Abidjan is an orange city. Taxi cabs are orange, gbakas—the minibuses found throughout the city and the country—are orange, buildings are orange, and the soil underneath Abidjan’s façade of vegetation and concrete is orange.
Even the people are orange. Be it in the markets of Abobo, the tight streets of Treichville, or the grand expressways cutting through Cocody, everywhere you walk at least one in four people is wearing the bright orange kit of the national team, and on match days that number is closer to three in four.
The Stade Félix-Houphouët-Boigny, situated in the heart of Abidjan’s plateau and the traditional home of Ivorian football, is like a ray of orange sunshine on the waters of the Atlantic.
On those matchdays, Abidjan is less city and more festival. Thousands of fans pack the streets donning Ivorian flags, blowing whistles, and the iconic vuvuzelas that have become synonymous with football in Africa.
Others armed with Ivorian ice creams and sodas pack themselves into colorful fan zones where DJs backtrack a party, before and after kick-off. If dancing isn’t your thing, no worries. There are tables set up everywhere in the parks and streets, often accompanied by stalls and grills selling fish, chicken, alloco (fried plantain), and the staple of Ivorian food, attiéké (grated fermented cassava).
And it is not only Ivorians. As Senegal cruised past a lackluster Cameroon in Yamoussoukro, 250km away in the Treichville neighborhood of Abidjan, hundreds of Senegalese fans watched in one fan park situated in the middle of a roundabout.
After the Senegalese party on the pitch finished, the one in Treichville kicked off, as the sounds of Senegal were brought to the heart of Côte d’Ivoire. When the dancing was finished and the Senegal fans ran into the night they were replaced by a stream of Guineans.
At the opening ceremony of the competition CAF President Dr Patrice Motsepe boldly claimed that this would be, “the best AFCON in the history of African football.” While it’s hard to take that seriously as he has made the same claim about virtually every competition he’s presided over, it’s one hard to argue with when you walk around the streets of Abidjan.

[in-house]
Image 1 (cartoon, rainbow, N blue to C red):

What makes Côte d’Ivoire unique from other countries that have hosted the competition in recent years is its proximity to other nations. Four of Côte d’Ivoire’s five neighboring countries are playing at the tournament and ten of the 23 traveling nations are within 1,500km of its borders.
Abidjan is also a cosmopolitan city. Since the end of the civil war, Côte d’Ivoire has seen unprecedented economic growth, thanks in large part to the port in Abidjan. That growth has brought many migrants from surrounding Francophone countries to Abidjan.
Like other African nations, many families here identify culturally with pre-nation-state cultural boundaries. It feels like it is impossible to speak to an Ivorian who doesn’t have relatives in Mali, Guinea, Burkina Faso, or Ghana.
And it shows in the teams they support. Fans seem comfortable wearing an Ivorian top one day while cheering on Sekou Fofana, then donning a Senegalese top to cheer on Sadio Mane the day after. The party in Abidjan is one that the whole continent is invited to. While there is banter between fans of different nations, most of these rivalries are good-natured, almost familial.